14 07 2012

In my last Union Artillery post I based and primed my artillery along with their limbers.  This time we need to paint them up!


I begin by paint 4 out of 6 horsed on each of my limber stands a nice dark brown.  I mix up which horsed get a brown coat as much as I can so that there are no two stands alike.


I then paint the rest of the horses a mix of gray, tan, red-brown and beige.  This is a feeble effort to make it look like a mix of different horse colors.


I like the look of several horse colors but I have never gotten a really good feel for what the mix of colors of horses would have been common during the war. It seems like they are overwhelmingly dark brown though. 

Next I paint the “blanket” a navy blue and the leather harness and saddle a shade of brown.


I have two different casting for horses and the easiest way to tell them apart is how what I think are the saddle blanket (6mm is small after all) pokes our from under the saddle.  You can see on the horses closet in the image above that the exposed blankets are on the flank.  On the next limber the exposed blanket pokes out behind the rolled blanket (or rather what I think is a rolled blanket).

Next I paint the rolled blankets a vermillion red ( white red as opposed to a yellow red.)


The colored blankets actually make the mini’s pop on the table.  This is the easiest way to tell the Union limbers from the Confederate limbers.

Next I paint a whole bunch of things black.  It looks like I paint the horse collars, the wagon wheels and the tails and manes of the horses black here.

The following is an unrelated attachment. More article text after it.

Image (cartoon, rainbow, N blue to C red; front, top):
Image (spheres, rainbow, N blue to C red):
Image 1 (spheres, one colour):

Next I paint the caisson a shade of pine green.  This would have been a really common color for civil war wheeled equipment.


Now the miniatures are painted.  Next I paint the dirt.

By the way… I know what you are thinking.  It would have been much easier to paint the dirt first. 

Yes.  Yes it would have.

I paint the base of the miniature brown (along with many a wheel and horse leg)


Then I dry brush pretty much everything ankle high and lower with a red brown.


I put the limbers aside for now and start in on the guns.

This time I paint the base brown first!


Next I dry brush the bases a red brown


I paint the guns a pine green (to match the caisson)


Next I paint the wagon wheels black along with the barrels of the rifled artillery pieces.


The barrels of the smoothbores get a coat of gold.  These cannons would be very bright given how often they were cleaned.


Next I painted the tunics of the artillerymen a dark blue (not navy blue… that would be goofy.)


Then some of the artillerymen get light blue pants.


I paint one the stands with red pants and another of the stands gets a red strip on their pants.  Artillery Units of both sides would commonly have red bling on their uniforms.


There are lots of little bits that need touching on the artillerymen at this point.  Hair gets painted brown or blond, bags and shells are painted black, and swabs are painted brown and grey.  I also give the tackle ropes on the carriages a nice yellow.


The next big step is flesh color.  As usual, this is the “magic” step.  I also paint the sides of the guns and Caissons black and the rear bevel of the guns white.